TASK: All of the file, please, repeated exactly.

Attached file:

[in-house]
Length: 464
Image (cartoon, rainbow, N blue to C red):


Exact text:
[in-house]
Length: 464
Image (cartoon, rainbow, N blue to C red):